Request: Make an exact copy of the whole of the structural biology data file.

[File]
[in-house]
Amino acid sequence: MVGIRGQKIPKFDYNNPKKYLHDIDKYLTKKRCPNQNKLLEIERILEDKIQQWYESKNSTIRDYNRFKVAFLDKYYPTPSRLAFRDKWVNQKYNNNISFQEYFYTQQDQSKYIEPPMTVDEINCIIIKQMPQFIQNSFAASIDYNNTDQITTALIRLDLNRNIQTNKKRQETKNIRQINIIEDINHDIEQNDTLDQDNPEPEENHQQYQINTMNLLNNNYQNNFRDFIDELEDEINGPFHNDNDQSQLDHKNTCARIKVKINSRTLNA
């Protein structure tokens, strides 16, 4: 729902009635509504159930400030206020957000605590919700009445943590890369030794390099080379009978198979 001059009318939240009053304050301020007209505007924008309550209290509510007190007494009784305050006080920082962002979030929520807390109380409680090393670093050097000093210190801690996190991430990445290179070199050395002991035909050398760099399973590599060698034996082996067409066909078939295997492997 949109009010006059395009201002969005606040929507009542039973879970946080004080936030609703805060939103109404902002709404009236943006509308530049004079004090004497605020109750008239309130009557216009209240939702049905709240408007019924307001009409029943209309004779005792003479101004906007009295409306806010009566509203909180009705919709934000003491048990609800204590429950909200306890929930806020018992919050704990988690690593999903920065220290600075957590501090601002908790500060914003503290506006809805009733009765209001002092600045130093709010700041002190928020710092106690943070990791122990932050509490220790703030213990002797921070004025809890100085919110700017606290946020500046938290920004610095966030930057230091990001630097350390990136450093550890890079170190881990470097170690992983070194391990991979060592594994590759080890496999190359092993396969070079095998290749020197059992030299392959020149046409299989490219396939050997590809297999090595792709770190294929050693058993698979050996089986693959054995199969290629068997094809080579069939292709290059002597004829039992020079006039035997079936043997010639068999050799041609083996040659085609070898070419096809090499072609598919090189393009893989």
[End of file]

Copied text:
[in-house]
Amino acid sequence: MVGIRGQKIPKFDYNNPKKYLHDIDKYLTKKRCPNQNKLLEIERILEDKIQQWYESKNSTIRDYNRFKVAFLDKYYPTPSRLAFRDKWVNQKYNNNISFQEYFYTQQDQSKYIEPPMTVDEINCIIIKQMPQFIQNSFAASIDYNNTDQITTALIRLDLNRNIQTNKKRQETKNIRQINIIEDINHDIEQNDTLDQDNPEPEENHQQYQINTMNLLNNNYQNNFRDFIDELEDEINGPFHNDNDQSQLDHKNTCARIKVKINSRTLNA
């Protein structure tokens, strides 16, 4: 729902009635509504159930400030206020957000605590919700009445943590890369030794390099080379009978198979 001059009318939240009053304050301020007209505007924008309550209290509510007190007494009784305050006080920082962002979030929520807390109380409680090393670093050097000093210190801690996190991430990445290179070199050395002991035909050398760099399973590599060698034996082996067409066909078939295997492997 949109009010006059395009201002969005606040929507009542039973879970946080004080936030609703805060939103109404902002709404009236943006509308530049004079004090004497605020109750008239309130009557216009209240939702049905709240408007019924307001009409029943209309004779005792003479101004906007009295409306806010009566509203909180009705919709934000003491048990609800204590429950909200306890929930806020018992919050704990988690690593999903920065220290600075957590501090601002908790500060914003503290506006809805009733009765209001002092600045130093709010700041002190928020710092106690943070990791122990932050509490220790703030213990002797921070004025809890100085919110700017606290946020500046938290920004610095966030930057230091990001630097350390990136450093550890890079170190881990470097170690992983070194391990991979060592594994590759080890496999190359092993396969070079095998290749020197059992030299392959020149046409299989490219396939050997590809297999090595792709770190294929050693058993698979050996089986693959054995199969290629068997094809080579069939292709290059002597004829039992020079006039035997079936043997010639068999050799041609083996040659085609070898070419096809090499072609598919090189393009893989």